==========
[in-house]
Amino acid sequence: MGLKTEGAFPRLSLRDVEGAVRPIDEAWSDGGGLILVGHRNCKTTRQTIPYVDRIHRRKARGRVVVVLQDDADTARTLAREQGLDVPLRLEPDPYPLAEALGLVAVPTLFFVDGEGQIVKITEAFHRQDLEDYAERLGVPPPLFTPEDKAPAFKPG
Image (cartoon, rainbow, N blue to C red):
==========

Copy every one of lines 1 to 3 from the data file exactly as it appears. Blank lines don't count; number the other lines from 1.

[in-house]
Amino acid sequence: MGLKTEGAFPRLSLRDVEGAVRPIDEAWSDGGGLILVGHRNCKTTRQTIPYVDRIHRRKARGRVVVVLQDDADTARTLAREQGLDVPLRLEPDPYPLAEALGLVAVPTLFFVDGEGQIVKITEAFHRQDLEDYAERLGVPPPLFTPEDKAPAFKPG
Image (cartoon, rainbow, N blue to C red):